Community banking and SMEs: a needed engine for growth

  • 20 October 2020
  • Blog | Fintech and Innovation in Banking | Blog

SMEs account for 60% of UK private sector employment and 52% of turnover. Could community banking turn them into an engine for economic recovery? 

Professor Richard Werner is Professor of Banking and Finance at De Montfort University, Leicester, and a past member of the European Central Bank (ECB) Shadow Council. He believes SMEs are the key to a sustainable economic recovery but that the current structure of the banking sector in the UK is an obstacle to providing the financial support they need to survive and thrive in the face of a sudden and dramatic existential crisis. 

Werner argues that SMEs need to be able to invest in the implementation of new technologies to increase productivity and drive economic recovery, but that money is unlikely to come from the big banks, who will naturally lean towards lending to larger businesses and big customers such as hedge and private equity funds due to the efficiencies and scale effects involved.  

“SMEs have been starved of funds by the fact that the UK has one of the most concentrated banking systems in the world,” Werner argues. “The trouble is we cannot expect the megabanks to lend to microfirms. It does not make economic sense for them.” 

For Werner, the solution lies in the establishment of a network of small, not-for-profit community banks based on the model in his native Germany. 

To this end, Werner set up the Local First Community Interest Company to promote and facilitate the creation of local community banks run by experienced SME banking professionals. The first fruit of that initiative, the Hampshire Community Bank, is currently in the process of applying for a banking licence through the PRA and FCA and has recently completed its Challenge Session with the regulators.  

As well as being deliberately small in scale and locally focused, the Local First banking model is aimed at creating long-term sustainability through a stakeholder model focused on long-term, not short-term profits, and the elimination of wrong incentives for mis-selling, such as commissions and bonuses. Half controlled by a charitable foundation acting for the benefit of the people in the geographically restricted area in which the community bank is active, such local banks would redistribute profits to the local community and would also be protected from the threat of takeover which could lead to renewed concentration of the sector over time.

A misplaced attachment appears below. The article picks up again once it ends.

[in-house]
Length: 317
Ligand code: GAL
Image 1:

Werner believes that as policymakers review the last decade, they are beginning to learn the lessons from the last crisis and its aftermath; specifically, the need to ensure measures reach beyond the asset markets to penetrate all sectors of the real economy. He claims that with sufficient political will a network of community banks could be set up within a year, seeded with a 50/50 mix of local authority reserves and university money and central government funding. 

He believes that it would even be in the interest of the big banks to help in the establishment of such locally-focused small banks, since the call for monetary reform and the likely move by central banks to compete with banks means that the government could threaten the big banks in an unprecedented way. While they would have no public support to survive, community banks would, and thus would provide the argument against the proposed abolition of banking per se. 

“The British Business Bank would be acting responsibly and would maximise the impact of any use of public funds if it agreed to match the founding capital of community banks,” he comments. 

According to Werner, community banks would resolve the issue of low productivity and drive significant growth: by his estimates, launch capital for a typical community bank of £18m could be turned into £300m within three to five years through judicious lending to SMEs. 

“Once we have community banks in place we shall see just how much banks can in reality support businesses,” insists Werner. “The asset stripping of viable small firms to maximise big bank profits will become a horror story of the past.” 

Richard Werner is Professor of Banking and Finance at De Montfort University, Leicester, and a past member of the European Central Bank (ECB) Shadow Council. Hear more from Richard in the Summer 2020 issue of Chartered Banker magazine